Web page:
• It gives me joy to see these fine insights about Studebaker cars. I am Chilean, 75 years old. I have had at least 15 Studebaker cars. Among them a Golden Hawk series 400 year 1957, hardtop, automatic. I also had a 1957 Silver Hawk, hardtop, made in Canada. The discussion on the location of the badge is correct, but I understand that only the Canadian Silver Hawks were without pillars. The Americans had pillars. I still have the 1957 and 1958 catalogs, and it doesn’t look like a Silver Hawk without pillars.

  4. In the 2nd picture [1st expandable photograph], following the tan 1958 CHEVROLET beach-wagon in the central lane, is a white over blue 1957 DeSOTO, either a Firedome or Fireflite.

  5. Your eyesight is bad , Dave , both people are sitting in the ‘Bird .

    The fourth scene is Plymouth Rock in the 50s .

  6. Last photo,faithful reproduction of the S.S. Mayflower in Plymouth ,Mass. made just in time for the anniversary of the Landing.

  7. In the second photo I notice all the trash blown up to the fence along side the roadway. Not much civic pride in what appears a first impression for all those people in their cars passing by on the roadway. We were certainly looking the other way when it came to littering and more serious environmental abuse back in the day. Now that I’ve said that, it is interesting to see the protective guard rail for the light pole. It doesn’t appear that it would make occupants of a car safer should a car run into it, but might minimize or even prevent the light pole from being damaged should a car hit it. Different priorities for sure.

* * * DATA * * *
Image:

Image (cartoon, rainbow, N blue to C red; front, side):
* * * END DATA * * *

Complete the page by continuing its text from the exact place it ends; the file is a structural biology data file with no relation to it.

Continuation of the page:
8. 1. T-bird with a metalflake paint job? Does nothing for the looks of the car in my opinion.
    2. Somewhere in Pennsylvania maybe, I like the Olds Starfire.
    3.Homecoming queen and her court somewhere in NJ in 1963-64. 3 to 1 Chevy to Ford.
    4. Plymouth MA with a replica of the Mayflower, newest car looks like a 57 Ford wagon.

  9. In the 3rd picture [2nd expandable photograph], the “queen” with the black dress and white hand muffler is ridding in a blue 1963 FORD Galaxie 500 Convertible.

    • I’d suggest that’s a ‘62 Ford. No fin on the rear fender. Not a grill expert, but it doesn’t look quite right for a ‘63.

        • Definitely a 63. For comparison, there’s a 64 in the first expandable picture, just in front of the Studebaker Hawk in (our) left lane, and a 62 wagon, sixth car back same lane, just behind the 65 Chevy and just in front of the 62 Pontiac.

  10. Except for the last photo, not a single gray, black or silver car in sight. My how things have changed and not for the better IMHO.

  11. Anyone have any idea what the little cream colored car is, behind the red Tempest/GTO in the fast lane? I’m completely stumped.

  12. 1st pic is not a factory color. I read, “Thunderbird Green”, a lighter shade was the only green available. This guys dad probably worked for the forestry dept. 2nd pic, not sure about the building, but looks an awful lot like the Windy City, although, no front plate, maybe not. Nice ’62 Starfire. 3rd pic, looks like the girls are a bit chilly. I think the plate is NJ, and local dealers were proud to show off their cars. What better place, a football game. Been to Mass. several times, parents had friends there. Never saw this, however. Sure is a spiffy Rambler Cross Country, and probably literally did so to get there.